As for the others, it all basically comes down to lazy.  I have been meaning to get started in my commentary of a couple of books, but I can't seem to get myself started.  So there it is.

But I am back for the moment, so let's get on with today's topic, shall we?

 For the majority of my adult life, I approached being a father as a mostly activity-based ideal.  I played with the kids, took them camping, went to sports or band outings, etc.  Supporting as a body in the seats.  Oh, I gave hugs and stuff.  I listened to the kids, too.  But for the most part, I thought that my being there was enough for the kids to know that I loved them.

When the kids were young,  I think that was a safe approach.  When they make a play, or fall and hurt themselves, they look to us for our reaction.  Even when they screw up, they look at us to see what we are going to do about it.  It is about shaping their perception of what our love is through various versions of approval, discipline, and being a safety net.

But sometime in their teens, all of that changes.  Hopefully, if we have done our job right, the kids drift away from needing all of our physical inputs.  If our actions and reactions have been on course, then the kids can predict what those actions or reactions will be, and they make their choices without needing the reinforcement.  Don't get me wrong, all kids make bad choices on occasion that defy any sense of logic.  But for the most part, their perception that was learned as a child will shape their choices as a teen.

This is where the true fun begins, and I mean fun both literally and sarcastically.  As a parent, there is no greater joy than watching your kids grow into adults.   At the same time, there is nothing more painful than watching them go through tough times-- bad choices, heartbreaks, rebellion-- the stuff of teenage life.  My heart breaks for them at those times, not because I am disappointed or angry (even though those emotions come for a bit also), but because I realize they are struggling with life issues that they have not encountered before.  My love for my kids just keeps getting bigger all the time.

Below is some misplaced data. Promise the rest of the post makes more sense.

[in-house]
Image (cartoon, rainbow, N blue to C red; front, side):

So when those things happen, now what?  They don't need the physical reinforcement as much anymore.  Once kids get old enough, "come give me a hug" or "go to your room" doesn't mean much.  It stands to reason that the next step of parenting would be to guide the kids through these times with your wisdom.  Wisdom you have from living it already, wisdom from knowing where certain choices can lead, wisdom from getting to other side of adolescence and being okay.

But imparting wisdom is tricky.  You can't be preachy, or it comes off as always lecturing.  Waiting and watching for teachable moments is difficult when you have hoards of teens at your house to hang out.  So you have to wait until they come to you (at least for the most part).

And that is where I am so stuck right now.  You see, only a couple of years ago, I came to know Jesus as my Lord and Savior.  And I committed to living with Him as my role model.  And what I used to think was a whole bunch of "you can't" I have realized is so much about "you can."  And the more I take in about Christ, His Life, His Love, and following that example, the more I want to share it with the kids.

But alas, there is a huge lack of talking.  Because the kids think they know my reactions, they don't come to me.  The communication, the ability to impart wisdom, just gets seemingly wasted.  I have so much that I could share that would make things easier for them, or provide them with the mental safety net, but I have to keep it all bottled up.  At times I wonder what good I am doing if I have all of this in my head but don't get to share it?  All I can do is just live the example of Christ to the best of my ability, and hope that someday they will talk again.

As I re-read this, I am tempted to end it right here with a simple "Love, God."  He must feel the same way about all of us.  And that, I realize, is my rub.  If I am going through all of this, I should know that there is Someone who has also gone through it before.  And I should be talking to Him about it, getting His advice.  You see, His heart is breaking as He watches my struggles.  He is desperately longing to share His wisdom with me.  But I have to open up to Him.  I have to talk to Him.

Thanks Dad.  I hope I can be just a fragment of the Father that you are.  Please let me follow your example in grace, mercy, and love for my children.  And please help me to be patient to lead.  Amen.